at least one telephone instrument connected thereto, a ringing generator for providing AC ringing signals to operate a signaling device in the telephone instrument to indicate a telephone call on the line and a battery for providing a DC current when the call is answered, comprising:
an optoelectronic coupler having an input circuit for producing a signal proportional to the current therethrough and an output circuit electronically isolated from said input circuit whose conductivity state is a function of said signal;
a delay circuit connected across the output circuit of the optoelectronic coupler;
a filter network having a first pair of terminals for connection in the series circuit and a second pair of terminals for connection to said input circuit,
said network providing two current paths, one for passing the ringing signals while blocking DC current and the other for passing DC current through said input circuit to the substantial exclusion of the ringing signal, and
a capacitor'connected across said first pair of terminals to provide a low impedance AC path therebetween;
said filter network comprising a pair of T networks connected in parallel each having first. second, and third terminals, the second terminal of each leading to the middle leg of the T network, arranged so that said first and second terminals constitute said first pair of terminals of said filter network and said sec- 0nd and third terminals constitute said second pair of terminals of said filter network, the first of said pair of T networks consisting of a capacitor in its middle leg and resistors in its other two legs, and the other one of said pair of T networks consisting of a resistor in its middle leg and capacitors in its other two legs.
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|Citing Patent||Filing date||Publication date||Applicant||Title|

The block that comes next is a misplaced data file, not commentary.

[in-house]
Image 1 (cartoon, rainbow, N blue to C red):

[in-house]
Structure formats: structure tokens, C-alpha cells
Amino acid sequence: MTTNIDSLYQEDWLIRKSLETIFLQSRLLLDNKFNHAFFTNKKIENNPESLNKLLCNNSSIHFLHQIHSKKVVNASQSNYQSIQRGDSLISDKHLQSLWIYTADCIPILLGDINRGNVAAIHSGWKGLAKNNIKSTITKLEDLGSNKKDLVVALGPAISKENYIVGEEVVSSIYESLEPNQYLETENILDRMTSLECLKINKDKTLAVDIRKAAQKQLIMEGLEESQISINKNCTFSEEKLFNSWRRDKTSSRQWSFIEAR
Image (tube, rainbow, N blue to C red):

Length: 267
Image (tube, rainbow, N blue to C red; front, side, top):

|US5490054 *||Oct 5, 1994||Feb 6, 1996||Ferro Magnetics Corporation||Ringing generator and method for converting DC to AC having continuously adjustable amplitude|
|U.S. Classification||379/379, 379/382, 379/385|
|International Classification||H03H7/065, H03H7/01, H04M19/00, H04M19/02, H04Q1/30|
|Cooperative Classification||H04Q1/30, H04M19/026, H03H7/065, H03H7/1708|
|European Classification||H03H7/17B, H03H7/065, H04Q1/30, H04M19/02C|
|Jun 13, 1991||AS||Assignment|
Owner name: GEC PLESSEY TELECOMMUNICATIONS LIMITED, ENGLAND
Free format text: ASSIGNMENT OF ASSIGNORS INTEREST.;ASSIGNORS:STROMBERG-CARLSON CORPORATION, A DE CORPORATION;PLESSEY-UK LIMITED;REEL/FRAME:005733/0547;SIGNING DATES FROM 19820917 TO 19890918
Owner name: STROMBERG-CARLSON CORPORATION, FLORIDA
Free format text: ASSIGNMENT OF ASSIGNORS INTEREST.;ASSIGNOR:UNITED TECHNOLOGIES CORPORATION A CORPORATION OF DE;REEL/FRAME:005732/0982
Effective date: 19850605
|Jun 27, 1983||AS||Assignment|
Owner name: GENERAL DYNAMICS TELEPHONE SYSTEMS CENTER INC.,
Free format text: CHANGE OF NAME;ASSIGNOR:GENERAL DYNAMICS TELEQUIPMENT CORPORATION;REEL/FRAME:004157/0723
Effective date: 19830124
Owner name: GENERAL DYNAMICS TELEQUIPMENT CORPORATION
Free format text: CHANGE OF NAME;ASSIGNOR:STROMBERG-CARLSON CORPORATION;REEL/FRAME:004157/0746
Effective date: 19821221
Owner name: UNITED TECHNOLOGIES CORPORATION, A DE CORP.
Free format text: ASSIGNMENT OF ASSIGNORS INTEREST.;ASSIGNOR:GENERAL DYNAMICS TELEPHONE SYSTEMS CENTER INC.;REEL/FRAME:004157/0698
Effective date: 19830519